Eight locations across Britain have been chosen to take part in an initiative to help improve communities’ access to cash.
The areas which successfully applied to take part in the Community Access to Cash Pilot (CACP) initiative will work with the banking industry to look at solutions to keeping cash viable for people and businesses.
Ways to make improvements could include, for example, installing new ATMs, having a place for retailers to deposit cash locally, or sharing bank branch facilities.
There will also be a focus on “digital inclusion”. Better broadband connections or improved digital skills could be ways to help people to access money.
Solutions could vary depending on the needs of a community.
The locations chosen are Ampthill in Bedforshire, Burslem in Staffordshire, Botton Village in North Yorkshire, Cambuslang in South Lanarkshire, Denny in Falkirk, Hay-on-Wye in Powys, Lulworth in Dorset, and Rochford in Essex.
Further locations will be confirmed in the coming weeks.
The pilot initiative is led by Natalie Ceeney, who chaired the Access to Cash Review. The findings will be published in early 2021.
Cash use has plummeted during the coronavirus outbreak, with many shops encouraging people to pay by card and people visiting ATMs less often.
According to UK Finance, 7.4 million people rarely or never used cash in 2019 – but 2.1 million used cash regularly.
Ms Ceeney said: “Over the past decade we’ve seen a massive shift from cash to digital payments, and Covid-19 has accelerated that trend further.
“But we know that digital payments don’t yet work for everyone, and for many individuals and communities, cash remains essential.
“But the world is changing – we can’t just ‘magic’ back our old bank branch and ATM infrastructure. Instead, we need to use innovation to develop new solutions as well as harness tried and tested approaches to meet people’s needs.”
John Glen, Economic Secretary to the Treasury and City Minister, said: “I look forward to seeing the progress made by the pilots, as the Government develops legislation to protect access to cash, and would like to thank Natalie Ceeney CBE for her work on this important issue.”
Martin Kearsley, banking director at the Post Office, said: “This initiative will help bring real focus onto robust and sustainable solutions for many people living in smaller towns and rural communities who rely on easy access to cash.
“With 11,500 branches across the UK, including some in the trial communities, Post Offices help avoid cash deserts by providing a solution to people’s cash and banking deposit needs.”
Federation of Small Businesses (FSB) policy and advocacy chairman Martin McTague, who sits on the CACP Board, said: “One in four small high street firms say cash is the most popular payment method among customers.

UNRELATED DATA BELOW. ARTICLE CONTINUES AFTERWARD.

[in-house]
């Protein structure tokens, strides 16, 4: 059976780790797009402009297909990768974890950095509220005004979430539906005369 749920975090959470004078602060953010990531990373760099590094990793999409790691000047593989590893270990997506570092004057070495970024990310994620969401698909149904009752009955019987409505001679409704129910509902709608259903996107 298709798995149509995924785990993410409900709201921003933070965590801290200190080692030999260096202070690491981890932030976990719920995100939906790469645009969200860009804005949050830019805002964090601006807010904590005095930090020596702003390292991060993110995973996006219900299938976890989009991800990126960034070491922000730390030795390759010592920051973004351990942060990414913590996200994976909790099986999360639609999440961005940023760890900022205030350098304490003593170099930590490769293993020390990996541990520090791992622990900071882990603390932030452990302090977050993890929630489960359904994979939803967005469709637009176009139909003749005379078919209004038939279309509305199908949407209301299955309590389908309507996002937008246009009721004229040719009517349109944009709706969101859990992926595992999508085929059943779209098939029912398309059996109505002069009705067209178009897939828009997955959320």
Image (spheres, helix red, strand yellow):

“That said, cash use was in decline before coronavirus hit, and the pandemic has accelerated that decline.”
Gareth Shaw, head of money at Which?, said: “With the existing cash system being pushed closer to the edge of collapse by the coronavirus outbreak, it’s clear that new solutions are desperately needed.”
John Howells, chief executive of cash machine network Link said: “Our analysis of ATM withdrawals during the lockdown shows significant differences depending on where you live and that cash is even more important in deprived areas.
“The UK isn’t ready to go cashless and Link is working hard to support communities maintain maintain cash access.”
Here is an overview of the selected pilot schemes, provided by the Community Access to Cash Pilot initiative:
Ampthill is a market town situated in an area of mid-Bedfordshire which is targeted for extensive new home building.
Businesses and the significant number of older residents need options for depositing and accessing cash.
– Botton Village
Botton Village: Camphill Village Trust provides supported living and day support opportunities to people with learning and other disabilities.
Camphill Village Trust is keen to empower people to become more financially independent.
The Burslem community is keen to explore solutions for local retailers to deposit and withdraw cash, have access to cash for the night-time economy and to support consumers with budgeting and digital options.
Cambuslang was left “unbanked” following bank branch closures in quick succession.
The community is keen to support financially vulnerable customers in accessing cash, and small businesses.
Denny is located between Edinburgh and Glasgow, with a population of around 8,000, and with 16% of the population over 65 years old.
It has seen a reduction in access to cash facilities.
Hay has many independent retailers and visitors, making businesses’ ability to access and deposit cash vital.
Its annual book festival raises additional challenges, with large numbers of people needing to access a limited cash infrastructure for a short period.
Lulworth Camp is a Ministry of Defence army barracks with about 1,500 families and service personnel permanently on camp.
The closest village is West Lulworth which has a population of around 700 people, which is also a tourist spot as it is situated on the Jurassic coast.
Rochford has an ageing population which is heavily reliant on cash.